In this paper we present the first results of the development of an on-line model-based decision support tool, also known as the "route planner for gas transport". The route planner is an on-line tool that advises dispatchers on how to minimise operational costs while maintaining security of supply. The tool consists of a model of the Dutch gas transport network that can be loaded with actual network status and forecasts for upcoming 24 hours. The output is the cost optimal use of compression, nitrogen ballasting and supply flexibility for network balancing i.e. the most cost effective route gas can take through the Gasunie network to meet end-user demand. The non-linear dynamics in the network model are handled via a successive approximation approach. Starting with an initial seed, based on the actual network state in combination with the last accepted dispatching plan, a linear transport model is solved iteratively until sufficient convergence is achieved. Important milestone of the route planner development has been the demonstration of "apparent intelligence", an essential feature of any decision support tool. By presenting the route planner with dilemma's that could occur in practice and rating the proposed solution with experts, we established that the route planner displays "common sense". Moreover, the first results indicate that a cost reduction of 5 to 10 % is feasible.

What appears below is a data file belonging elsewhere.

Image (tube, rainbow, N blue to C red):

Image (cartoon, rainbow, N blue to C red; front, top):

With the unbundling of the integrated company Gasunie in 2005 in the trading company GasTerra and the transport company Gasunie, the day-to-day gas dispatching process has become considerably more complex. The network is now open to a much larger number of shippers and gas brought in to the network can be traded on the TTF spot market. In the mean time indigenous supply flexibility has decreased, new pipelines, LNG terminals, storages come on-line and energy prices have doubled. The challenge for the transport company Gasunie is to reduce costs for compression, gas quality conversion and gas supply flexibility in this new market environment in order to maintain profit margins. Gasunie Engineering & Technology is investigating the use of an on-line model-based decision support tool for gas dispatching, also known as the "route planner for gas transport". The task of the route planner is to provide real time information on the most cost effective manner to operate the gas transport network in the upcoming 24 hours. The name "route planner" was chosen for two reasons:
the purpose of the tool is to find optimal routes for gas through the transport network and
to provide a useful metaphor for establishing the desired functionalities of the tool.